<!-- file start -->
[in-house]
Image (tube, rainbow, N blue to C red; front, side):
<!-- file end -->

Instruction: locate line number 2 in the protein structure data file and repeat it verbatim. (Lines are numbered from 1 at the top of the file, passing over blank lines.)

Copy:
Image (tube, rainbow, N blue to C red; front, side):